One of the questions I was asked on an early programming job interview was something along the lines of "How many bytes is a float datatype?" At the time, fresh out of my first programming class, I thought that was a stupid, off the wall, crazy question. Now with my experience it's the exact sort of question I would ask. The reason is that the size of datatypes can make the difference between the system running like a Ferrari or the systems locked up and not running at all. If you chose a datatype that's 4 bytes when you could have chosen a datatype that's 2 bytes in size you've wasted 2 bytes. To the beginner, that's a laughable amount of memory. To someone experienced, I know that when that value in that datatype is repeated 2 billion times it becomes 4 Gigabytes of memory. And when you waste 4 GB of memory, that 4 GB can make the difference between the computer taking 10 seconds to do the job and 10 hours to do the job depending on the specs of the system it's running on. It means not only 4 GB of wasted disk space (which is the way people typically think of it) but it can also mean 4 GB of wasted memory (which is much more critical) and a massive amount of extra time reading in a wasted 4 GB off disk that didn't need to happen at all and it can also mean 4 GB of wasted bandwidth on the network, etc.
I once helped someone at work with a report that was taking 10 hours to run. I saw that he was using a 16 byte datatype when he should have been using an 8 byte datatype. It's an 8 byte savings. They had made this mistake all over the company on numerous systems. This was just one place where the mistake had been made and I told him he needed to change it. He did and the report immediately started running in 2 hours instead of 10. That was because the mistake was repeat over many billions of rows of data. That was a 5 fold improvment from one super simple change because it was correcting a mistake that was causing a problem. Even in his code there were likely additional places where similar mistakes had been made, and I know for a fact that the exact same mistake had been made all over the company. The beginner sees a savings of 8 bytes there. Someone with experience knows that those 8 bytes are repeated billions of times and that those 8 bytes cost 8 hours of wasted time on the server.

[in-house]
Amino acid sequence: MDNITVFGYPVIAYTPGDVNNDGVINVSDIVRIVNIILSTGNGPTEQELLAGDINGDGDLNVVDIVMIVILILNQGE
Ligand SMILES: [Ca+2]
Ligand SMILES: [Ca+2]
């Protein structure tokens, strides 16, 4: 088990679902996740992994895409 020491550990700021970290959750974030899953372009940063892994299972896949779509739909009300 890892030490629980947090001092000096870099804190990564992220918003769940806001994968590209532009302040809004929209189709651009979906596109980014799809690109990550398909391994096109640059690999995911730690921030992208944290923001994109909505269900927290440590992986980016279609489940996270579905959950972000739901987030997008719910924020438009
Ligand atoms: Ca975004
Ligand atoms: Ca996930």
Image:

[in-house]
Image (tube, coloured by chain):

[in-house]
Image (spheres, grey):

This is stuff they don't usually teach in school. So, you come out of school totally oblivious to how important this is most of the time. Then someone asks it in a job interview and it seems unimportant and maybe a bit ridiculous.
But it's the exact sort of question I would ask to see whether you understand the problems that can be caused by wasting memory or not. I'm really asking, "Do you understand the concequences of choosing the wrong datatype?" But I wouldn't be that forward with the question. I would bury it in a question more along the lines of "How many bytes is a float datatype?" If you know the answer, it indicates to me that you are aware there's a potential problem there and you have spent time in the past avoiding the problem, which is why you know the answer off the top of your head. If you don't know the answer, you probably are not even aware of a potentially serious problem you could be creating by constantly choosing datatypes that waste memory. (And for C++ programming the size of the datatype can have other concequences. For example it might be important for something like figuring out heap fragmentation problems.)
Anyway, I would ask a lot of probing questions like that to guage how knowledgable you are and whether you're going to make a lot of rookie mistakes that are going to cause headaches for me or whether you're going to be someone so knowledgable that I will soon be able to trust you to work unsupervised.
For a junior position, some rookie mistakes are kind of to be expected I think. You should expect a rookie to act like a rookie. But you're still going to try and get the candidate for the job that's going to perform the best.